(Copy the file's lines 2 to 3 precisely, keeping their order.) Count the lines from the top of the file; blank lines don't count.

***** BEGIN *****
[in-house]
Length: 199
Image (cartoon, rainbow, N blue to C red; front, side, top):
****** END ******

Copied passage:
Length: 199
Image (cartoon, rainbow, N blue to C red; front, side, top):